Alisa Harris at World Magazine has a web only article out today discussing the APA task force report. I am quoted along with David Pruden at NARTH. There are a couple of points in the NARTH information that are incorrect.
Psychologist Warren Throckmorton once met a woman who was in a lifelong lesbian relationship and suddenly, with no prefaced desire to leave her lesbian lifestyle, fell in love with a guy at work. She left her lesbian partner and married the man.
The American Psychological Association just published a report on whether therapists can make this change happen. In examining change therapy, which claims that people with homosexual desires can switch to heterosexual desires, the report says there is insufficient evidence that the therapies work.
This kind of story is a good argument for control groups if you really want to rule out spontaneous change from the claims that therapy produced it. If this woman and others I know like her were in therapy, perhaps they would have attributed the change to the therapy.
NARTH of course is skeptical:
The panel surveyed 83 peer-reviewed studies, most of which occurred before 1978 and had methodological flaws, according to the panel. But the 138-page report left out certain key studies by Jones and Yarhouse, Karten, and Spitzer, said Pruden, adding that there was no minority report and a lack of ideological diversity on the task force. In a response to the APA report, NARTH argued that “homosexuality is more fluid than fixed” and that there’s substantial evidence someone can change his sexual orientation.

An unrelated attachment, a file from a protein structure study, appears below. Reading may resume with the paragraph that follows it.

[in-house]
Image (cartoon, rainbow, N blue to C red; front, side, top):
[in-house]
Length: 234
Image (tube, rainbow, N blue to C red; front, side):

This comes from the NARTH press release in response to the APA report:
NARTH appreciates that the APA stressed the importance of faith and religious diversity. Unfortunately, however, the report reflects a very strong confirmation bias; that is, the task force reflected virtually no ideological diversity. No APA member who offers reorientation therapy was allowed to join the task force. In fact, one can make the case that every member of the task force can be classified as an activist. They selected and interpreted studies that fit within their innate and immutable view. For example, they omitted the Jones and Yarhouse study, the Karten study, and only gave cursory attention to the Spitzer study. Had the task force been more neutral in their approach, they could have arrived at only one conclusion: homosexuality is not invariable fixed in all people, and some people can and do change, not just in terms of behavior and identity but in core features of sexual orientation such as fantasy and attractions.
At least one problem here is that the task force report did consider Jones and Yarhouse, Karten and Spitzer. I would have preferred that the criticisms of the Jones and Yarhouse study would have been considered in a different manner (not in a footnote) but I do not think the outcome would have been much different given the APA distinction between orientation and identity.
On the claims of omission, a quick search of the APA report demonstrates how misleading the NARTH press release is. The Jones & Yarhouse study is referenced 17 times, Karten’s dissertation is mentioned three times, and Spitzer’s study is referenced 19 times.
I was glad Ms. Harris included the following:
The idea that people develop homosexual tendencies because of sexual abuse or distant parents is “one of the easiest theories to falsify,” he argues. “There are many gay people who have perfectly fine relationships with their parents and are not sexually abused.” Instead of telling his gay clients that they can become straight, Throckmorton helps them figure out how they want to live and then helps them get there.